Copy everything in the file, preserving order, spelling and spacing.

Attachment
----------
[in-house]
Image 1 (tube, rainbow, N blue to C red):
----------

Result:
[in-house]
Image 1 (tube, rainbow, N blue to C red):